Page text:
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Hawkins tent revival may visit downtown Rogersville one night next month

Jeff Bobo • Sep 11, 2019 at 6:30 PM

ROGERSVILLE — A tent revival that has been packing in hundreds of worshipers at a location just west of Rogersville for the past several weeks was hoping to hold a revival in downtown Rogersville sometime this month, but it will be delayed at least until October.

The Rogersville Board of Mayor and Aldermen met Monday evening instead of its traditional meeting time of the second Tuesday of the month.

The Rev. Sheldon Livesay, who was serving as a local spokesman for the Voice of Hope tent revival, wasn't aware of the meeting date change and didn't attend the meeting to represent the revival.

As a result there were some unanswered questions about the downtown tent revival request on the part of board members.

The BMA agreed Monday to allow the tent revival to meet one time this week on Courthouse Square, either Tuesday, Wednesday or Thursday, as long as they didn't impede traffic. But that's not the schedule the revival organizers had in mind.

Livesay told the Times News on Tuesday that he expects to attend the October BMA meeting to request another downtown revival date.

Why move the revival downtown?

“In the Christian world, it's important to meet and gather at places of authority and to pray for your leaders and do things at those places,” Livesay said.” This would be an opportunity to do that.”

The Courthouse Square revival was inspired by a noon prayer meeting there last month that was well attended, despite not receiving much advance advertisement.

“That's where they got the idea to do a full service there at night, but we would go back before the city (in October) and fine-line the request before we would do this,” Livesay said. “We want to make sure it's not going to be something that interferes with or bothers any of the neighbors around. First we're going to talk to the folks at the Hale Springs Inn, because unless they give their approval and say this won't interfere with their business and their guests. We don't want to do anything in the downtown area that would disturb any of the neighbors. We want a good name before and a good name afterwards.”

The downtown event wouldn’t involve a tent. Livesay said they would set up chairs and a sound system either in the section of Courthouse Square in front of the courthouse or across Depot Street beside the Hale Springs Inn. 

Voice of Hope Ministry

The revival is part of the Voice of Hope Ministry led by the Rev. D.R. Harrison from North Carolina. Harrison is the son of David Harrison, who is a well known pastor in Kingsport.

Livesay, who is director of the Of One Accord ministry in Rogersville, has served as a spokesman for the revival and a liaison with local government.

The Voice of Hope revival started at a church in Greeneville last year and stayed there for seven weeks before outgrowing the church.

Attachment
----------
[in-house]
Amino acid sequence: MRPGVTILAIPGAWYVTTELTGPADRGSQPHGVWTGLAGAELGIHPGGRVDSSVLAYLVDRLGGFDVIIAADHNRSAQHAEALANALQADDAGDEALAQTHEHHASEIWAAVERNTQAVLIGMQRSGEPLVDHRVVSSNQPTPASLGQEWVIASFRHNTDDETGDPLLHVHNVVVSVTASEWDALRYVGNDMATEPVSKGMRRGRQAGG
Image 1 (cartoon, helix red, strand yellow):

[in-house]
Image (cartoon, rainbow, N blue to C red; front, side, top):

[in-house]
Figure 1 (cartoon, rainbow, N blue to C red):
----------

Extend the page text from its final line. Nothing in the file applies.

Then the ministry received a large tent and about 1,000 chairs and lasted another 30 weeks in Greeneville.

Faith Assembly Church invited the revival to Rogersville in February, and Livesay said the turnout was so great that within a couple of weeks they helped more than 140 people come to Christ.

Henards Chapel Baptist Church owns some vacant property on Highway 11-W about three miles west of Rogersville, and the tent revival has been permitted to set up and hold services there for the past several weeks.

The revivals have been attracting between 300 and 1,000 people per night depending on which night of the week it is, Livesay said.

A history of downtown revivals

“The courthouse has a history of revivals and churches meeting there,” Livesay said. “When I was growing up you'd go down there anytime on the weekend and there'd be preachers on the Courthouse Square preaching — just preaching out into where traffic would be. But at that time, if you walked up Main Street on Saturday afternoon, if you needed to get where you was going quickly, you’d have to get out in the road because there was so many people downtown Saturday you couldn't even stay on the sidewalk. It's part of the culture of Appalachia that this used to take place in most communities. Revivals in the courthouse were very common throughout the history of Rogersville.”

Praying for our leaders

“They just have a heart that we need to pray for our nation's leaders and our community leaders,” Livesay said. “The reason they do the National Day of Prayer at city halls and courthouses is because they're seats of power and authority. With that same idea, D.R. Harrison held a prayer meeting (on Courthouse Square) four weeks ago, and it was really good, As we were leaving he said, 'This would be a really good place to have one night of the revival, if we could move out from under the tent one night, if the city would let us.' I was the person who knew City Recorder, Glenn Hutchens so I wrote up the request and submitted it to him.”

 

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